Winky D Sues Magamba TV US$12 000 For Copyright Breach

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By Mary Taruvinga

PROMINENT Zimdancehall artiste, Wallace Chirumiko, popularly known as Winky D has slapped Magamba TV Network with a US$12 000 lawsuit for infringement of copyright after network reproduced and played his song title “Parliament”.

The musician is arguing the move had an effect of portraying him as someone who is aligned to a political party yet his musical is purely for entertainment.

Chirumiko said the move by Magamba TV resulted in him losing revenue after some his fans shunned his music.

He is demanding US$8 000 for infringement of copyrights and US$4 000 for loss of income respectively.

In his summons before the High Court, Chirumiko also cited Vigilance Music, which is contracted to produce his music as the second plaintiff.

“Plaintiff’s claim against defendant is payment of damages in the sum of US$8 000 for infringement of the copyright subsisting in the original work, that is the lyrics, the music composition and sound recording entitled Parliament,” wrote his lawyers.

“Plaintiff is also demanding payment of damages in the sum of US$4 000 for loss of income arising from unauthorised publication of the original work entitled Parliament by defendant plus costs of suit.”

Chirumiko said he is the author of the original work.

“The plaintiff exclusively licensed the copyrights in the original work to Vigilance Music. On 16 May 2020, Magamba Network in its weekly show concept entitled “In Case You Missed It” ran a campaign titled “Reconveneparly” in which it produced and circulated a video hereinafter referred to as the offending work via various social media platforms,” the court application reads.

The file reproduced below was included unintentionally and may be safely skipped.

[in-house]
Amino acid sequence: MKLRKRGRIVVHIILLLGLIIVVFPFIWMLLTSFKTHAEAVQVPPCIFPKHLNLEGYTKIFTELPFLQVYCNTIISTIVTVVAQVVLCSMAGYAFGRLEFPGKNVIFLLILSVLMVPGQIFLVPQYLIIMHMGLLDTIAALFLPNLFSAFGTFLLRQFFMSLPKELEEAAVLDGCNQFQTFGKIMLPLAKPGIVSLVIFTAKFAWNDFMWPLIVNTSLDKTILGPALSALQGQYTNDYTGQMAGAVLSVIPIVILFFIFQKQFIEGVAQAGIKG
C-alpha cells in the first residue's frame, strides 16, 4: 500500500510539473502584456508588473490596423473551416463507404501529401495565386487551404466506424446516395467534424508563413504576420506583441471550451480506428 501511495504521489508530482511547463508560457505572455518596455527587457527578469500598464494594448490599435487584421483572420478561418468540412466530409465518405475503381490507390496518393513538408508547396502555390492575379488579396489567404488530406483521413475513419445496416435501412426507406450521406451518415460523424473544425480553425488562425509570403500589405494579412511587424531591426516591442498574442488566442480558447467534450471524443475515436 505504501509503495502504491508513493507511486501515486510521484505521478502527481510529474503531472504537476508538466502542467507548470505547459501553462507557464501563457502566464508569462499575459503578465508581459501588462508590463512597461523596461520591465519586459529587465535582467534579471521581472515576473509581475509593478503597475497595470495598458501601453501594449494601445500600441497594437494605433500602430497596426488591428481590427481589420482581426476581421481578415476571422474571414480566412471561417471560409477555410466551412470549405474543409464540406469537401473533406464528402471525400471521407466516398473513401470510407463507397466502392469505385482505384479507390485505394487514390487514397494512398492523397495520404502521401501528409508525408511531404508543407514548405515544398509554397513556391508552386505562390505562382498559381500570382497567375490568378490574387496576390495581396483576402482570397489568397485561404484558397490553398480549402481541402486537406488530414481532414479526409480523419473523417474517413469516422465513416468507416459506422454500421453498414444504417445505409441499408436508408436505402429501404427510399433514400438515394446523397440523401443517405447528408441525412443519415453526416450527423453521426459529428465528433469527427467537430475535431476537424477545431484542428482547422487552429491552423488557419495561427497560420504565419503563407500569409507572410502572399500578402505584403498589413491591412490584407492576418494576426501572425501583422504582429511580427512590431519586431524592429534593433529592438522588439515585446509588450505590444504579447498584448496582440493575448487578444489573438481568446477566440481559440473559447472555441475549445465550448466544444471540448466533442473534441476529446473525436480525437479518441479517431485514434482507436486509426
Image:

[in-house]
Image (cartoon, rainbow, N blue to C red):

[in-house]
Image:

Chirimuko’s lawyers added; “The offending work was socio-political video which was accompanied by and contained a reproduction of the original work.”

According to the summons, a letter dated April 18 2020, from Magamba TV’s lawyers, purportedly conceded to the airing of Winky D’s song.

The musician’s lawyers said the aforesaid conduct was not authorised by Chirumiko and while the work was used for purposes of reporting current events, it’s use by the defendant did not constitute fair dealing as it adversely affected the original song.

“The plaintiff is an apolitical musician and the thrust of his music is purely entertainment. The use of the work by defendant has the effect innocent or otherwise, of suggesting to the public that Chirumiko was aligned to a certain political idea/movement which suggestion resulted in persons opposed to the said political idea/movement shunning the plaintiff and his music leading to reduction of income on the part of the plaintiff.”

“In the consequence, the unlawful conduct of the defendant, the plaintiff suffered damages in the sum of US$12 000 that is US$8 000 for infringement of the copyright and US $4 000 for loss of income,” the court was told.

The matter is pending.